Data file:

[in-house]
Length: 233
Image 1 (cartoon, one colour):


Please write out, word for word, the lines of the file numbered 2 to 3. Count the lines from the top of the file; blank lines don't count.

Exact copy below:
Length: 233
Image 1 (cartoon, one colour):